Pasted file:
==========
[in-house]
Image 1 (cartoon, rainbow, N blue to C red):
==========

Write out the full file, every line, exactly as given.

[in-house]
Image 1 (cartoon, rainbow, N blue to C red):